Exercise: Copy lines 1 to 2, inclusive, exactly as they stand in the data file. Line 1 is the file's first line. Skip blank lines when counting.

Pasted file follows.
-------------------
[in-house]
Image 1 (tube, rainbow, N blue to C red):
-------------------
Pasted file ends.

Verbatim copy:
[in-house]
Image 1 (tube, rainbow, N blue to C red):